Quechua campesina mother and child, Pisac
Today we hired a tour service to guide us around La Valle Sagrada del Incas - the Sacred Valley of the Incas. The valley is a wide expanse north of Cusco stretching over 100km east-west. The roads to and from the valley are notoriously treacherous, some with drops of over 1000 feet, so it's wise to have an experienced chauffeur when circumnavigating the area.
The tour included a group of 25 people; we were transported in a comfortable, yet slightly cramped bus. Before reaching our first stop the bus climbed steadily to an altitude of 4100m, driving past the Inca fortress of Sacsayhuaman. Our descent into the valley was swift; soon we found ourselves dropping to around 3000m, significantly lower than Cusco. The bus pulled over for a brief visit to a roadside market in a Quechua village too small to be on our tourist map. Inside the market campesinas sold typical Andean wares - alpaca sweaters and scarves, clay pottery, zampoña pan flutes and tapestries. I was tempted to buy a sweater but concluded the trip was still young and there would be plenty of time to find bargains elsewhere. Susanne discovered a Quechua man with four llamas charging one sole to photograph them. The llamas were much shorter than I expected - their heads only came up to my chest. Their wool was magnificent, though; I gently stuck a pointed finger into the back of one of the llamas to see how deep it would go before hitting the skin. My hand disappeared under matted wool up to my wrist.
|Scenes from a carpet market, Sacred Valley|
Once back on the bus we drove another 30 minutes to the eastern end of the Urubamba Valley, where we paused to take photographs of the postcard-perfect terraced hillsides, the Urubamba River flowing far below. Along the roadside campesinas sold more sweaters and souvenirs, including plastic packets of the two dozen varieties of corn that grow in the valley. Several young girls dressed in traditional Quechua costumes. I offered one of them half a sole for a photograph.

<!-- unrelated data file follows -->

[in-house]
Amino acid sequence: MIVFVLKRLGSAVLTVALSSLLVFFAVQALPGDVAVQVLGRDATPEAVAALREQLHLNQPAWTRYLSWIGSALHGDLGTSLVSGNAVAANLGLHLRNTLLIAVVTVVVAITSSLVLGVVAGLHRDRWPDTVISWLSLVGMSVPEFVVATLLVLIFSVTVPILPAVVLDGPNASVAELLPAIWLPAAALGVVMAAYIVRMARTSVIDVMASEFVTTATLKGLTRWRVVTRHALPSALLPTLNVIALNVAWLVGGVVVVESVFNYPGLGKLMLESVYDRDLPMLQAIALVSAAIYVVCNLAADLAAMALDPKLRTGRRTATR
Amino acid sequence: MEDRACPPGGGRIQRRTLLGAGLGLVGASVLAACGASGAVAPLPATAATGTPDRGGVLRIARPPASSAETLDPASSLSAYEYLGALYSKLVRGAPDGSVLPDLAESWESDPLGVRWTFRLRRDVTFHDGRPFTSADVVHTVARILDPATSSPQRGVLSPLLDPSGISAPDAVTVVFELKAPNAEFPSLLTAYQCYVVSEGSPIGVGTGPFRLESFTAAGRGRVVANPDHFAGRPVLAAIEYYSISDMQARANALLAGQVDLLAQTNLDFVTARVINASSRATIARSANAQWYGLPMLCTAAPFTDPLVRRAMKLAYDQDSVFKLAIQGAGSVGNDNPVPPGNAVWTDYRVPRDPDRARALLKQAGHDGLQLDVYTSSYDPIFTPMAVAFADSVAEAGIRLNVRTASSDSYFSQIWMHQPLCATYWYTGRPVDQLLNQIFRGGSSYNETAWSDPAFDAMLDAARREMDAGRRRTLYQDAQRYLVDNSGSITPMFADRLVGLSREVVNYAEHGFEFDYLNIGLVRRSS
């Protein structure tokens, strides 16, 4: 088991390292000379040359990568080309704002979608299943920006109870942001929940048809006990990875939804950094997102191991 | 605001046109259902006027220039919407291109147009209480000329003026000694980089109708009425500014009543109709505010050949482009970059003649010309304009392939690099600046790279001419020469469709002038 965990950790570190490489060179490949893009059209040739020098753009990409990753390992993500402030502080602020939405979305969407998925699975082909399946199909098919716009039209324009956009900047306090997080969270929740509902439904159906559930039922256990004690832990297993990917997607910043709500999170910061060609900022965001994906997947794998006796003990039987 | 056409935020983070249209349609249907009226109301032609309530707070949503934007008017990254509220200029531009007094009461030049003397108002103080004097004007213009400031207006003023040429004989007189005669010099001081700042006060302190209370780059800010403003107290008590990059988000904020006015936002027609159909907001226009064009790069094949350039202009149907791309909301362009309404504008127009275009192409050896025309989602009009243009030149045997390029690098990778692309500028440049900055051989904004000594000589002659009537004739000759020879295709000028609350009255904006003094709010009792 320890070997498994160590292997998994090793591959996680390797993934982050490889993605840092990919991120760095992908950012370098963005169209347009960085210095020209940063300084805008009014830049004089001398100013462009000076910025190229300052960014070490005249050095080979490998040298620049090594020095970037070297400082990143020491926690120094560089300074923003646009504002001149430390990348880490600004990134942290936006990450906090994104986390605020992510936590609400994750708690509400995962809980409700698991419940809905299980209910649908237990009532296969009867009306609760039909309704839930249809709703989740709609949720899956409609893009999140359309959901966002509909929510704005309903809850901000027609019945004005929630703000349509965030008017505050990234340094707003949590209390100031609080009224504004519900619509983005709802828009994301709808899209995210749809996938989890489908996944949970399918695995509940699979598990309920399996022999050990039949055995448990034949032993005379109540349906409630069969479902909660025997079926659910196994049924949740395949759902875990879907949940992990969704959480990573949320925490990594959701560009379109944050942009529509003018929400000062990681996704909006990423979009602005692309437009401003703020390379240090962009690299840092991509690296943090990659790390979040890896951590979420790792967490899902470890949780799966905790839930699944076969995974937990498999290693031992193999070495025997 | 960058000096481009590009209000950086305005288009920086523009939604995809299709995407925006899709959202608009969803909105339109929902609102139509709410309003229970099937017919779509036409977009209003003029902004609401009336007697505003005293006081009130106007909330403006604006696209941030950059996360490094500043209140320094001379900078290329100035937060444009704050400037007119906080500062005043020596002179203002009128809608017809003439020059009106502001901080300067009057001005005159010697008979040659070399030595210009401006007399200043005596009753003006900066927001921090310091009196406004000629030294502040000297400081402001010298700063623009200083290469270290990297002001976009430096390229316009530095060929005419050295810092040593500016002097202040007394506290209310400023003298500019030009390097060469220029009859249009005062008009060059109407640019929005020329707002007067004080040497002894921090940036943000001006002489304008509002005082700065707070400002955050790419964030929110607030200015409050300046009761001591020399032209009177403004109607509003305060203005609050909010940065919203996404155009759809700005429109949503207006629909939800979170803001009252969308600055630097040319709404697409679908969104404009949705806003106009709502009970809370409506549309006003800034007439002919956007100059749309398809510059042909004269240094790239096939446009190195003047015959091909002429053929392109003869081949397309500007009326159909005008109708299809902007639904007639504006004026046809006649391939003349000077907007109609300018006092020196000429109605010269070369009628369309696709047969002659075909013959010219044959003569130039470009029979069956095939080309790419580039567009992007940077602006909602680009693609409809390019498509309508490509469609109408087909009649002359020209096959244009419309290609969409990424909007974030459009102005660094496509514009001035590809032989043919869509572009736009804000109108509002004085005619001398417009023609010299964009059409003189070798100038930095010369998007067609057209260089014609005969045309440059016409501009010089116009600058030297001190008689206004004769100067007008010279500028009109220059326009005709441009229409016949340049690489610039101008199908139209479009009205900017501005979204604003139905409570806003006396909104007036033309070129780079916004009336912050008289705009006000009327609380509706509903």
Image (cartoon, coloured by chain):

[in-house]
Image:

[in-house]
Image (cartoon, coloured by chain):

Re-boarding the bus we descended further into the valley until we reached Pisac, an ancient Quechua village famous for its Sunday market. Our guide Alfred recommended we leave our jackets in the bus - a wise suggestion since the drop in elevation had also meant an increase in temperatures to the mid 70s. We'd have about an hour to wander the market before our noon rendezvous at the bus.
After briefly checking out a local adobe-oven bakery Susanne and I split up so we could each go at our own pace. She paused to take photographs of local children while I worked my way down Pisac's narrow (and occasionally treacherous) cobblestone streets. The haunting sounds of zampoña pan flute music emanated from all directions as local merchants demonstrated their many instruments available for purchase. Many of the hawkers called out to me as I passed: "Comprame amigo!" Buy from me, friend. Each time I would shake my head with a polite, "No gracias, señora," a strategy that usually worked save for the occasional aggressive merchant. I soon began to hear a cacophony of noise coming from ahead - music, shouts in Quechua and Spanish, laughing and singing. Turning the corner I discovered Pisac's Plaza de Armas crowded with over 1000 people, mostly Quechua women in tradition dress buying and selling produce laid out on scores of carpets along the cobblestone. My mind flashed back to Cairo, to Varanasi and Kathmandu - the glorious chaos of the morning market. While the previous section of Pisac's market had obviously been dedicated to supplying tourists with souvenirs, the plaza was truly a local affair. Young campesinas sold dozens of varieties of corn and potatoes. Old men weighed cups of powdered dyes on tableside scales, selling the brilliant colors to campesinas wishing to dye their newly spun alpaca wool. Grandmothers argued over the quality of a freshly slaughtered pig as a teenage butcher's apprentice enthusiastically pointed out the finer cuts of meat. The sights, sounds and smells of the morning market: nothing in the US seems to come close to the sensations felt at these decidedly exotic, yet inherently mundane events.
A campesina purchases wool dye, Pisac
|Pisac market scene|
With less than 15 minutes until our appointed return to the bus I spotted Susanne entering the plaza. I quickly squeezed through the crowds to reach her. "Time is getting short," I said. "You've got to see this." Her excitement surpassed mine as she raised her camera, carefully selecting her subjects and executing each shot like a master assassin. Soon enough, though, our time had run out and we had little choice but to leave the market and return to the bus. I quickly purchased two pieces of freshly baked pitas from the bakery for 10 centavos each before we climbed aboard and departed Pisac.